Wow what a place! As many of you know a typhoon hit Vietnam just a few short days ago. Hearing this on the news I was concerned because we were going right to where the devastation was the worst – Hue.
After we crossed the boarder and cleared customs our diver picked us up and we made out way down from the pass into the valley below. Watching out the window I could see signs of flooding, but I was assured that it was normal for flooding this time of year since we are in the rainy season. There was so much to see! Rich and lush tropical forests across rolling mountains, waterfalls glistening down the rocks near the roadways. I started to see, what looked like shrines in the middle of fields and hidden by tree where you could only see the tops if you looked hard enough. As we continued our descend I noticed the water levels rising more and was amazed. Here is a country that was built to withstand floods and fury – roads built up away from normal rising water levels and homes with taller slabs of foundation to take a beating if the situation arose.
Rice fields turned to swamp lands and cemeteries along the road looked like they could have belonged on Poveglia, Italy’s “Island of the Dead” in Venice, where according to folklore the bones rise and fall with the coming tide. The family shrines looked no different..they only looked tired. Generations of family members have used the same shrines and built layers of family history with these shrines and in turn they have only survived every storm, flood and sweltering summers this country has to offer.
Time lost all meaning as I got lost in the sights of a new country. Noticing little differences from the bordering country of Laos to Vietnam. Like how the livestock here is tied up (in most places) and in Laos all the animals run free or how in Laos there are free range cats and dogs and yet here they figured out how to domesticate their pets and keep them! Small differences but differences nonetheless and fascinating to me all the same.
Our first day in Vietnam was technically yesterday but by the time we got to our hotel it was nearly nightfall and the only thing we manged to do was find dinner.
Today was an entirely different story! We enjoyed a quiet morning apparently everyone needed a sleeper day after all of the traveling we have been doing lately, whereas I spent the morning catching up on life back home.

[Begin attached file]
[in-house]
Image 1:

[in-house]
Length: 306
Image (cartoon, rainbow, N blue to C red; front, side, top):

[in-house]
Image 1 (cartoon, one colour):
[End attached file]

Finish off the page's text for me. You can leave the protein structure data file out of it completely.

Once we hit the streets it was like being shell shocked, we had quickly become accustomed to quiet mountain roads and less populated villages. Coming into a big city again was shocking. Now let me tell you a little bit about how shocking – forget what you thought you knew about sidewalks. Here sidewalks are a joke if you think you are going to use them to walk on, if they aren’t broken to pieces you will barely have room to walk because there will be rows and rows of motorbikes or even cars in your way. meaning you are probably walking in the road praying that you won’t be hit by the swarm of traffic coming from every direction.
Now onto my tales of the day! Hue (when you say it pronounce it like it rhymes with ‘way’) has a golden gem that I have been DYING to see – The Hue Imperial City inside the Imperial Citadel.
The formal capital of Vietnam this is elegant and secure inner city housed the royal family, extended family and members of the royal court. The citadel gave access to everything the royal family would need, food, shelter, temples and private pools – if their summers are as bad as the weather in the rain season I can see these pools being used A LOT.
These buildings are exquisite – like something out of a Hollywood set but better because they are real. Building began in 1804 the wall and moat surrounding is 10 kilometers. Stone walls with chiseled designs show meticulous time spent and attention to detail by skilled craftsmen. The vines growing on and through cracks in the walls shows the hundred of years dormant, to touch, you could almost feel the stone telling you the things it’s seen – all it’s stories.
Though the heat was beating down on us there was a stillness in the air that was tranquil and serene complete with lily pads floating calming on the water in the pools designed throughout the citadel. I am constantly astounded at the amount of detail here! Every corner of every building, every pillar, stone and wall has an amazing amount time that was put into crafting every item. All for the emperor, his family and all of the members of the royal court.
From there we wandered the city – at least until the sun started to go down. When the sun starts to set is when we see the city come alive! We found our way, of course, to a market…because why not! This market was far from the lively markets we have seen previously on this trip. Piles of trash laid next to the baskets of food, the smell of rot was inescapable, naked children playing in the gutters and if that wasn’t bad enough you were more likely to be run over by a motorbike than you were to buy something! For the sake of safety we high tailed it out of there, I will say that though you could find anything at this market the sales people are very pushy and don’t understand personal space. Persistence is their key – Your key is to keep moving and to keep your personal effects in front pockets and backpacks strapped to your front.